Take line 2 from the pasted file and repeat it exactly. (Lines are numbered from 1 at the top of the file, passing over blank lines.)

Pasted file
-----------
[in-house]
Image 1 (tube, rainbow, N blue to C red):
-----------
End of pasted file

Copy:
Image 1 (tube, rainbow, N blue to C red):